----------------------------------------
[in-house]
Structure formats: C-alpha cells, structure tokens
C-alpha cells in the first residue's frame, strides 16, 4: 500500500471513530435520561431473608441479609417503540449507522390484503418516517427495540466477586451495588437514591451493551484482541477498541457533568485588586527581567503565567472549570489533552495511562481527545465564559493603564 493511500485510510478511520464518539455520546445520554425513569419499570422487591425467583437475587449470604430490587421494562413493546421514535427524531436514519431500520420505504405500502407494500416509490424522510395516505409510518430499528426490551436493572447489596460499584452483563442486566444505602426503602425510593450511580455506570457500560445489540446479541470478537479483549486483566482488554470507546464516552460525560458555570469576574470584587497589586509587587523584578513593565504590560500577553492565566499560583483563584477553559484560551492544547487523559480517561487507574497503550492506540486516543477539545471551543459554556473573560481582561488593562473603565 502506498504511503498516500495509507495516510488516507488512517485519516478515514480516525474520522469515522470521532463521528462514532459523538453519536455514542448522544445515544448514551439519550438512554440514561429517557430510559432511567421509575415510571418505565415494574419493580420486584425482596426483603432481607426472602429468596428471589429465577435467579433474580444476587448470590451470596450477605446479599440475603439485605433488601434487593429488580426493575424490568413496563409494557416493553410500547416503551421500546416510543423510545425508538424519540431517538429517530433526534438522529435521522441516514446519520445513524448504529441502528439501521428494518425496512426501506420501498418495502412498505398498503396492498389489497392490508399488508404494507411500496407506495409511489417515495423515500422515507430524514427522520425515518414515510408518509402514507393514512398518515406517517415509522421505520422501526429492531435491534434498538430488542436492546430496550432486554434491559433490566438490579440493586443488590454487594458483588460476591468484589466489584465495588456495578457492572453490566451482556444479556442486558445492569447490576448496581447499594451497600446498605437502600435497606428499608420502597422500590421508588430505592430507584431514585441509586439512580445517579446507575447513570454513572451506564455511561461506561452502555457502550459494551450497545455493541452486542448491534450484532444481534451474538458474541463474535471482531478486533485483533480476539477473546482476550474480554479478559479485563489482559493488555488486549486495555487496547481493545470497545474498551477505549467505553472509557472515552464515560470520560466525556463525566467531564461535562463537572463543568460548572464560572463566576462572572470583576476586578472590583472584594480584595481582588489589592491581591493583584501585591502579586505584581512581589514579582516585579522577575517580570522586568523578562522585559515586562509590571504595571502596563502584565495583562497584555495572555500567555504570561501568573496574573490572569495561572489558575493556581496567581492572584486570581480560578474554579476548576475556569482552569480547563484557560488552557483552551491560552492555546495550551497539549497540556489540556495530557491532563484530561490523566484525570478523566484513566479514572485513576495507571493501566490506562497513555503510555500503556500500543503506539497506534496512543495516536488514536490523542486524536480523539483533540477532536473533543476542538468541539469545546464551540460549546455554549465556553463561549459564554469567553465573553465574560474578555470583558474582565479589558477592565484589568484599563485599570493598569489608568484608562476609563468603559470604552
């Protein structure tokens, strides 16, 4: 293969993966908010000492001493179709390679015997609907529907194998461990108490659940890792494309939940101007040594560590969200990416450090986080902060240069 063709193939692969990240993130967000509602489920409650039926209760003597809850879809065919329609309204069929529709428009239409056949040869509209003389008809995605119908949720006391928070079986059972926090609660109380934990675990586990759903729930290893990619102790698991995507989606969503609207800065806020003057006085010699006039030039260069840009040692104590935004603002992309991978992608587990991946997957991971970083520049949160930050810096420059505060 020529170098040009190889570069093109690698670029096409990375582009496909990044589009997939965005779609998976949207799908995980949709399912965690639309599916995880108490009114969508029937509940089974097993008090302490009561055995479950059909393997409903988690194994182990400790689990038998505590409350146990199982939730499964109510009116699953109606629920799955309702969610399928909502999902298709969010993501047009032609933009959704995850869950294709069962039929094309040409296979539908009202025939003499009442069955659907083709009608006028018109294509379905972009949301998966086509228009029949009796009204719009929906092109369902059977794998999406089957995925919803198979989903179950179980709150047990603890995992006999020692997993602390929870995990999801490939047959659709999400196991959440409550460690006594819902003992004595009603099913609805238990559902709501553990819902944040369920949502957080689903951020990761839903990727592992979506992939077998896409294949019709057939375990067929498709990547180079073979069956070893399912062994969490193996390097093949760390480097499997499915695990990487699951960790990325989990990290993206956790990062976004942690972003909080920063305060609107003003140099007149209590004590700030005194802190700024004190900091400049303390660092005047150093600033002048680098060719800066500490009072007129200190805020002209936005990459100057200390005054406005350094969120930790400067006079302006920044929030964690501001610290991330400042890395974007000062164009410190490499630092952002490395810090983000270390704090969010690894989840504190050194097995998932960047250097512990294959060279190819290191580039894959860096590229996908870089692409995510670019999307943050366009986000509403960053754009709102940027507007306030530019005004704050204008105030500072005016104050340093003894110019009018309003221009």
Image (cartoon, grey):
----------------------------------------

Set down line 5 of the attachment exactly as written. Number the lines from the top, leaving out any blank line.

Image (cartoon, grey):